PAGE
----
Another residency was in Valenciennes in Northern France where Elpida contacted people working in the traditional craft of lace-making for which the city, like Nottingham, is world-famousand she began to explore their designs in her drawings. A chance walks past a butcher’s shop revealed to her similar patterns in both lace and the locally-prized tripe. She celebrated the intricacy and time-consuming craft of the lace tradition together with a very basic food stuff that is (or was) popular in so very many cultures. Butterflies in the Stomach was a lyrical labyrinth of caul fat, translucent and lacy, where delicacy – food stuff and decorative skill – is highlighted. The sustenance of the region was linked with its creativity and its industry.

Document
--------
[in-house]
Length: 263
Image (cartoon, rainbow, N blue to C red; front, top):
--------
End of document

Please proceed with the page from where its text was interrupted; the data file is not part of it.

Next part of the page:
Subsequent venues for new work, full of reference and challenges, have included Gloucester Cathedral; Nymans and Mottisfont, both National Trust gardens; a university department and Pied a Terre, a Michelin-starred restaurant. Often the installations are re-made for gallery venues and do not lose resonance: this survey in Nottingham provides an opportunity to see how the strands of her work constantly weave and extend. Haruspex is shown in Britain for the first time, re-made especially for the Djanogly Gallery, but is given an extra dimension in the way it is now connected to a second major work. As if it were not enough to be invited to represent the Vatican at the Venice Biennale, Elpida was also preparing to create another work only one month later. Elpida lives in Brighton and was asked by a public gallery in the city, Fabrica, to create an installation for their deconsecrated church as part of a series on the end of life. Elpida chose to reflect on the near-death experience often talked about in terms of light, glimpsed or experienced at a distance. Fragility is architecture literally made of fragile material; the artist worked with delicacy and sensitivity to create translucent veils of pig caul fat, transforming the membrane that contains vital organs in a chemical process similar to embalming. The effect was ethereal, gauze-like and precious; changing in every light, it entranced visitors to Brighton some of whom asked if they could marry there.